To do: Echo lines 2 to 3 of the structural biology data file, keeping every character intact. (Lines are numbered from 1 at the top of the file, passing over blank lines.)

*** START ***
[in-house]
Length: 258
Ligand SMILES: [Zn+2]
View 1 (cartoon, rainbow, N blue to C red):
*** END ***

Length: 258
Ligand SMILES: [Zn+2]